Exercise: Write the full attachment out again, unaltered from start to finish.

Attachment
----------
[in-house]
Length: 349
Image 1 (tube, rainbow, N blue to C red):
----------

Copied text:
[in-house]
Length: 349
Image 1 (tube, rainbow, N blue to C red):